By contrast, about twice as many CFR members say the U.S. does too little internationally as say it does too much (41% vs. 21%); 35% say the U.S. does the right amount.
The survey of the general public finds modest differences in opinions about the U.S. role in helping to solve world problems. Comparable percentages of Republicans (52%) and Democrats (46%) say the United States does too much to solve world problems; among independents, 55% express this view. Democrats are more likely to say that the United States does the right amount to solve global problems (36% vs. 26% of Republicans and 24% of independents).
Tea Party Republicans hold about the same views as non-Tea Party Republicans about America’s role in solving world problems. About half of Republicans and Republican leaners who agree with Tea Party (54%) say the U.S. does too much to solve problems internationally, as do 52% of Republicans and GOP leaners who do not agree with the Tea Party.
The public’s inclination toward less global engagement is also visible in answers to two questions that have been asked for nearly half a century. For the first time since 1964, more than half (52%) agree that the U.S. should “mind its own business internationally and let other countries get along the best they can on their own;” 38% disagree. Two years ago, the public was nearly evenly divided (46% agreed and 50% disagreed in May 2011) and, as recently as 2006, more disagreed than agreed that the U.S. should mind its own business internationally (53% vs. 42%).
Similarly, 80% agree with the statement, “We should not think so much in international terms but concentrate more on our own national problems and building up our strength and prosperity here at home,” up slightly from 76% in 2011. The level of support for this statement, which has been tested since 1964, now rivals the previous high set in the early 1990s.
Views on global engagement do not vary much across party lines. Majorities or pluralities of Republicans (52%), Democrats (46%) and independents (55%) think the U.S. does too much to try to help solve world problems, and agree that the U.S. should mind its own business internationally (53%, 46% and 55%, respectively). And close to eight-in-ten among each group agree that the U.S. should concentrate more on our own national problems, rather than thinking so much in international terms (82% of Republicans, 76% of Democrats and 79% of independents).
Working with Allies and the United Nations
Nearly eight-in-ten Americans (77%) agree that “in deciding on its foreign policies, the U.S. should take into account the views of its major allies,” virtually unchanged from 79% in 2011 and 78% in 2009. And most (56%) disagree that “since the U.S. is the most powerful nation in the world, we should go our own way in international matters,” although more agree with the statement now (38%) than at any time in nearly half a century, with the exception of 2009, when 44% agreed that the U.S. should go its own way internationally.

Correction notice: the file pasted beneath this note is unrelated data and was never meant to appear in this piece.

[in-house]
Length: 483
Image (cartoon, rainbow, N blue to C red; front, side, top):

When it comes to working with the United Nations, 56% of the public agrees that the U.S. should cooperate fully with the international organization, which is virtually unchanged from 2011 (58%). The percentage of Americans saying the U.S. should cooperate with the United Nations reached its peak in 1991, when 77% of Americans agreed with this notion. In 2002, 67% said the U.S. should work with the institution.
Republicans are more likely than Democrats and independents to say the U.S. should go its own way in international matters, regardless of what other countries think; 47% of Republicans express this view, compared with 30% of Democrats and 37% of independents. Conversely, Republicans are less likely than other groups to say the U.S. should cooperate fully with the United Nations (46% vs. 69% of Democrats and 57% of independents).
More than half of the public (56%) say U.S. policies should try to keep it so America is the only military superpower, while 32% say it would be acceptable if China, another country or the European Union became as militarily powerful as the United States. This view is virtually unchanged from 2009.
Republicans are especially inclined to say U.S. policies should ensure America’s position as the only military superpower. About six-in-ten (63%) say this is the case, compared with half of Democrats; 57% of independents also favor policies aimed at keeping the U.S. as the only superpower.
There is no evidence that the public sees America’s status as the world’s military superpower as eroding. About two-thirds (68%) name the U.S. as the world’s leading military power; 14% name China. In 2011, 67% said the U.S. was the world’s leading military power, and 63% shared this view in 2009.
In contrast, more Americans cite China as the world’s leading economic power than name the U.S. (48% vs. 31%), also largely unchanged from 2011 (47% China vs. 31% U.S.) and 2009 (44% vs. 27%). In early 2008, however, more named the U.S. as the world’s leading economic power than named China (41% vs. 30%).